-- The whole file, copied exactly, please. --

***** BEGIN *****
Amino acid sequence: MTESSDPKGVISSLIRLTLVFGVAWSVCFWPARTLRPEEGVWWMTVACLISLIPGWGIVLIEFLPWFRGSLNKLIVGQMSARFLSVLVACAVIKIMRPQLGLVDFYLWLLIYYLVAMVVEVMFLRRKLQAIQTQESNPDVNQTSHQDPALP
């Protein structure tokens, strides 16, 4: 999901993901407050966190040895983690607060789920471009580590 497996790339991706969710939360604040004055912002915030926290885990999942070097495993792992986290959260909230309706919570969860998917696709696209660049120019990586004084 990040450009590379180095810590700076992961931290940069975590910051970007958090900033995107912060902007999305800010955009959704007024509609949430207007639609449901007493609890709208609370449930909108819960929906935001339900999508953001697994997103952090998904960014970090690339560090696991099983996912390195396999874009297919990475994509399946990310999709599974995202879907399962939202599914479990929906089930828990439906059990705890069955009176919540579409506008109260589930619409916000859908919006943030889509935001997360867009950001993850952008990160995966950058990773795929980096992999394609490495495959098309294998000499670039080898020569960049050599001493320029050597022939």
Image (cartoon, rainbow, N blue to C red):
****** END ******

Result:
Amino acid sequence: MTESSDPKGVISSLIRLTLVFGVAWSVCFWPARTLRPEEGVWWMTVACLISLIPGWGIVLIEFLPWFRGSLNKLIVGQMSARFLSVLVACAVIKIMRPQLGLVDFYLWLLIYYLVAMVVEVMFLRRKLQAIQTQESNPDVNQTSHQDPALP
């Protein structure tokens, strides 16, 4: 999901993901407050966190040895983690607060789920471009580590 497996790339991706969710939360604040004055912002915030926290885990999942070097495993792992986290959260909230309706919570969860998917696709696209660049120019990586004084 990040450009590379180095810590700076992961931290940069975590910051970007958090900033995107912060902007999305800010955009959704007024509609949430207007639609449901007493609890709208609370449930909108819960929906935001339900999508953001697994997103952090998904960014970090690339560090696991099983996912390195396999874009297919990475994509399946990310999709599974995202879907399962939202599914479990929906089930828990439906059990705890069955009176919540579409506008109260589930619409916000859908919006943030889509935001997360867009950001993850952008990160995966950058990773795929980096992999394609490495495959098309294998000499670039080898020569960049050599001493320029050597022939």
Image (cartoon, rainbow, N blue to C red):